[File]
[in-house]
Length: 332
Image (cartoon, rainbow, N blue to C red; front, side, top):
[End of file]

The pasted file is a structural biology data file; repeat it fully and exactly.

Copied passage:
[in-house]
Length: 332
Image (cartoon, rainbow, N blue to C red; front, side, top):